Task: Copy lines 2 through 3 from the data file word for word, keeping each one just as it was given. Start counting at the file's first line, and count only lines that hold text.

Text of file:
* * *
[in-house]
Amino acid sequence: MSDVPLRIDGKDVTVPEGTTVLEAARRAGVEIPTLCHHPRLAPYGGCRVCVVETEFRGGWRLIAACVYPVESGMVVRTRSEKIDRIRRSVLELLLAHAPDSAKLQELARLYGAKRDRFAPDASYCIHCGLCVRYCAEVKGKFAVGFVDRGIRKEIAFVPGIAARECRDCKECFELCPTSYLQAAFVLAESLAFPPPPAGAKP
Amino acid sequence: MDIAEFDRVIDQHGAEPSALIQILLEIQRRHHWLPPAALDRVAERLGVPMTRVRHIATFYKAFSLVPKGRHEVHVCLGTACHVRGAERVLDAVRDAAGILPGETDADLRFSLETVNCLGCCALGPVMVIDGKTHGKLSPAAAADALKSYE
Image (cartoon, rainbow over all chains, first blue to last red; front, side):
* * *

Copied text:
Amino acid sequence: MSDVPLRIDGKDVTVPEGTTVLEAARRAGVEIPTLCHHPRLAPYGGCRVCVVETEFRGGWRLIAACVYPVESGMVVRTRSEKIDRIRRSVLELLLAHAPDSAKLQELARLYGAKRDRFAPDASYCIHCGLCVRYCAEVKGKFAVGFVDRGIRKEIAFVPGIAARECRDCKECFELCPTSYLQAAFVLAESLAFPPPPAGAKP
Amino acid sequence: MDIAEFDRVIDQHGAEPSALIQILLEIQRRHHWLPPAALDRVAERLGVPMTRVRHIATFYKAFSLVPKGRHEVHVCLGTACHVRGAERVLDAVRDAAGILPGETDADLRFSLETVNCLGCCALGPVMVIDGKTHGKLSPAAAADALKSYE